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Memory

South Korean Market

The South Korean market is, in my view, a very unique market for the interest that the consumer shows in learning more about the history and origin of each wine.

South Korea lies on the continent of Asia. It has about 49,000,000 inhabitants (Source: http://kosis.kr/eng/), and almost the same area as Portugal mainland. The capital, Seoul, is inhabited by 10,000,000 people (Source: http://kosis.kr/eng/), and the metropolitan area by approximately 20,000,000 (Source: http://kosis.kr/eng/). This is a very concentrated market around its capital, and the trade and wine consumption are based on the 20,000,000 that inhabit the metropolitan area. It's an important market, both by the concentration of consumers in the same geographical area, and the strategic location between China and Japan.

The South Korean economy is one of the 20 strongest world economies (Source: http://www.koreaherald.com/view.php?), and therefore considered a world capital. This is an economy that attracts many other economies.

The good positioning of a brand of wines in this market works as a "world window", because the amount of consumers of wines that occurs to Seoul is very large (Source: https://en.wikipedia.org/wiki/South_Korea). This is a market that behaves somewhat like the Japanese market, where consumers like to find good wines at prices that are not too high.

In the South Korean market, there are good import companies that have their own distribution networks whose, through their organized action, with wines from all over the world. The presence of wines from five continents at the same point of sale is normal, which makes the consumer's decision more demanding.

It's common sense that the relationship with the Asian culture is not an easy task; so the entry into this market requires a very well outlined communication strategy in order to be able to disseminate historical information of each wine brand and therefore attract the consumer's attention, which is crucial to the promotion of the sale. This strategy can, for example, go through a wide consumer awareness through new technologies, like the Internet, widely used by the South Koreans, in particular on their mobile devices, M-Marketing. This factor joins also the natural curiosity of these consumers who seek, immediately, through new technologies available, to find information about the wines they buy, for example, who like it, how was the tasting, who commented on it already and what comment was made, or who is the producer and what kind of information he provides on his web page.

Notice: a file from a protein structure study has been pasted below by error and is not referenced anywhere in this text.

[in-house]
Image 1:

Although there is already a strong presence of wines from all over the world in this market, Portuguese wines have not yet a great expression and are unknown to the vast majority of consumers. This lack of knowledge about the Portuguese wines can be addressed by creating a branding strategy based on the promotion of the wines of Portugal as quality wines. Beside of the wines, olive oil has also great possibilities to be asserted in this market as the South Korean gastronomy is pretty light and with strong tendency for the consumption of products of the Mediterranean diet. The marketing strategy in this market should therefore focus on product quality image.

Another point to note, as a factor to promote, is the curiosity of Asian markets for Portugal's history. There is a mutual fascination of knowledge between East and West (Source: Daily Life in Portugal in the Late Middle Ages). It is known that at the time of the navigators, only the Portuguese were allowed to negotiate in the sea of Japan, so there is a secular history of trade between the two peoples that makes perfect sense to recover and extol as a liaison.

The South Korean market behaves slowly, stable and enduring if there is a good business relationship. The great difficulty is in how the producer communicates its history and brands to the final consumer. It should also be mentioned that in this market, the international wine press has a great weight and marks trends. In spite of its growth potential, it is important to establish a position of fair price versus quality of wine with the importer/distributor.

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